As a system administrator, you often need to run a particular task repeatedly and at a particular time without any user intervention. Tasks such as backups, cleaning temporary files, and other system maintenance fall under this category. Fortunately, there are several different ways to automate these tasks on a Linux system. In this article we will discuss using cron and anacron to automate tasks. We will outline their differences and the basics of how to schedule jobs with each.

Cron vs. Anacron

Both Cron and Anacron automatically run reoccurring jobs that at a scheduled time. Cron runs the scheduled jobs at a very specific interval, but only if the system is running at that moment. However, Anacron runs the scheduled job even if the computer is off at that moment. It runs those missed jobs once you turn on the system.

NOTE: For one time jobs (as opposed to reoccurring jobs) see the at command.

Cron jobs are suitable for servers that run 24/7 continuously, while the Anacron is better suited for desktops and laptops that are powered off when not in use. Furthermore, cron is more granular and can run jobs at a very specific time while anacron has a minimum time interval of once per day (daily).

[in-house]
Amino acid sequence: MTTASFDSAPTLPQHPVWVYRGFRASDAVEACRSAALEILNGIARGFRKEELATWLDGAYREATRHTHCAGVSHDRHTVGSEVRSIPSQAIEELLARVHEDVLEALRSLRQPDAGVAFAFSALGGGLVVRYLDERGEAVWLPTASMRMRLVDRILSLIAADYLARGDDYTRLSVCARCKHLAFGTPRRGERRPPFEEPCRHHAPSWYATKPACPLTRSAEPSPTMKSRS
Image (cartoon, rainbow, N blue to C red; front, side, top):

Cron

  • Used to execute scheduled commands
  • Assumes the system is continuously running.
  • If system is not running during the time the jobs is scheduled, it will not run.
  • Can schedule jobs down to the precise minute
  • Universally available on all Linux systems
  • Cron is a daemon

Anacron

  • Used to execute commands periodically
  • Suitable for systems that are often powered down when not in use (Laptops, workstations, etc..)
  • Jobs will run if it hasn’t been executed in the set amount of time.
  • Minimum time frame is 1 day
  • Anacron is not a daemon and relies on other methods to run

The Cron Daemon